“This isn’t an easy high school science experiment where you do it and you get results and write them up,” another aide said. “There are huge data sets from all over the world. They need to be studied. Every time the sets are changed they have to be worked on to make sure the data set is now valid.”
The scientists, however, say their research was based on an earlier version of the data that had been made public and examined by other climate experts. The study published in Science was not based on the updated data released earlier this month, although the two versions are very similar, according to NOAA officials and one of the study’s authors.
That author, Thomas Peterson, described in an interview some of the internal tensions at NOAA between the scientists and computer engineers who were writing software code for the data and wanted more time to make sure it was reliable. The scientists felt confident using the data that had already been made public and were ultimately vindicated by the latest version.
The conclusions of the Science paper were based on corrections and adjustments to even earlier land and sea temperature measurements. These were intended to address what scientists described as measurement biases in readings taken of ocean temperatures and land temperatures that did not fully account for the rapidly warming Arctic.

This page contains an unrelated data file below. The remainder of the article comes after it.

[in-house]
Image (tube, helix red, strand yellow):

NOAA published the first updates to the land temperature data set in October 2013 in the Geoscience Data Journal. The revised sea surface data were published in the Journal of Climate in October 2014. These updates were the basis of the study in Science, NOAA officials said.
That combined data set was available publicly in July 2014, officials said.
As NOAA scientists examined the data, they discovered that warming trends over the past few decades would be substantially larger than what the earlier data set indicated, recalled Peterson, who retired from NOAA as principal scientist in July.
“Was there a rush to get [the research] out? No,” he said. “Did we want to get this out to advance the science? Of course.”
Peterson acknowledged that tensions over timing developed between the scientists and a team of computer engineers — some contractors, some civil servants — who were rewriting the software code to process the data once it was collected from stations worldwide. The engineers wanted more time to test and retest the software to ensure its reliability, he recalled. The scientists argued that it was taking too long.
“We’re talking about a time lag of years between the science and when they thought the software testing would be ready because of this question of whether one piece of software might develop a glitch, ” said Peterson, now president of the World Meteorological Organization’s Commission for Climatology.
To accommodate the engineers, he said, the submission to GeoScience was delayed by six months.